Bacteria are a large group of single-celled microscopic prokaryote organisms that inhabit virtually all environments including the air, soil, water, organic matter, radioactive waste, the earthâ€™s crust, and the bodies of multicellular organisms. Bacteria vary in their cell structure and mode of metabolism. They are categorized as autotrophs, heterotrophs, lithotrophs, organotrophs, chemotrophs or phototrophs, and exist in various cell shapes such as coccus, bacillus, spirochete, and vibrio forms. They can be divided into two main groups, gram-positive or gram-negative, based on the structure of their cell wall and their reaction to the gram stain. Ecologically, these microorganisms are capable of free-living, mutualistic, parasitic or pathogenic existence.
Bacteria are so numerous and diverse, that new species of bacteria are continually being discovered in the environment, and within the human body, as well as that of other organisms. All the species of bacteria known represent only a tiny fraction of the diverse bacterial species present in nature. Although some bacteria cause food poisoning and infectious diseases in multicellular plants and animals, the vast majority is harmless and many are beneficial to natural processes and also to the proper functioning of higher organisms.
Bacteria are used in various industrial processes, especially the food industry. Numerous manufactured food products are modified biochemically by bacterial growth in the process of fermentation. Fermented foods produced commercially by bacteria include dairy products such as cheese and yoghurt, vegetable products such as sauerkraut and pickles, various forms of cured meats and sausages, vinegar and soy products. Bacteria are also used in the manufacturing of alcoholic beverages like wine made from grapes and other fruits, beer and liquor made from grains, and tequila made from cacti. The benefits of bacterial fermentation of food products include enhanced preservation, increased digestibility, higher nutrient content and improved flavor.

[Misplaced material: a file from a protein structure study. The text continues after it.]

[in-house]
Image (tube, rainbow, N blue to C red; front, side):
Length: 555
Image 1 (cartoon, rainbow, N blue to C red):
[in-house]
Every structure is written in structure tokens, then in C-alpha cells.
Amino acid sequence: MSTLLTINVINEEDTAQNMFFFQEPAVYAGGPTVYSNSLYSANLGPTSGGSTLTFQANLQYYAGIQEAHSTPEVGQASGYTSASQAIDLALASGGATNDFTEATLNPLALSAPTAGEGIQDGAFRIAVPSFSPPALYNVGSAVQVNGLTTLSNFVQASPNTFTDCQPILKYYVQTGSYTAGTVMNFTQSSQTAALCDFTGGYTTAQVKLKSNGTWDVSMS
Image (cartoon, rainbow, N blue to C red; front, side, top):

The ability of bacteria to degrade a variety of organic compounds is remarkable and has been used in waste processing and bioremediation. Bacteria are capable of digesting the hydrocarbons present in petroleum and are thus used in cleaning up oil spills. They can also be altered to produce certain enzymes that metabolize industrial waste components that are toxic to other life forms. Bacteria can also be used in the place of pesticides in specific biological pest control. As a result of this specificity, bacterial pesticides are regarded as environmentally friendly, since they have little or no effect on humans, wildlife, pollinators, and most other beneficial insects. The ability of bacteria to breakdown organic compounds to methane gas is widely employed in treatment of sewage.